Vous êtes membre Amazon Prime ?Bénéficiez automatiquement de 2 livres audio offerts.
Bonne écoute !
When a marketing rep comes into your office or someone from the management team and tells you to "sell the value", how often do you find yourself rolling your eyes? As a former agency owner and now a consultant, I often find myself spouting the same slogan. Why? Because, I have done it and done it quite successfully. Whenever a rep came into my office and told me to sell the value of carrier X, I would think that’s something an expensive company would say or an overpriced company, because what else could they say?
We’ve officially entered a hard market cycle in California on the personal lines side, which is strange to even say.
The market has tightened up and many carriers are non-renewing or reducing underwriting appetite to not take on a lot of new business in California. This is why I started writing in 2014 and again in 2017, 2018 and 2019. In my estimation our industry is going to see a massive shift over the next three or four years. A shift from judgement underwriting to block chain and data underwriting. Artificial intelligence has already been underwriting, selling and handling claims for smaller insure-tech companies for the past four years. This is a prevalent trend in our industry. But, why?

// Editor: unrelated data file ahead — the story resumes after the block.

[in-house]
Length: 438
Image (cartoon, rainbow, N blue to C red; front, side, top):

Why? Because, we have shifted our focus from selling peace of mind to selling a price. Why? Because, we have put more value on talking about premium, payments and price, than having hard conversations about protecting assets and families. We have shifted hard on price, and almost every insurance company has followed suit in their marketing efforts. Almost exclusively every billboard, social media ad and print ad espouses X insurance carrier savings you up to 25-43 percent on your insurance per year. The conversation has shifted in a way that will cannibalize our industry and wrongfully set expectations for consumers.
A recent study by insurancequotes.com found that around 80 percent of consumers self-report in blind surveys that consumers shop or are prompted to shop based on price. This study is congruent with most studies down on consumer behaviour.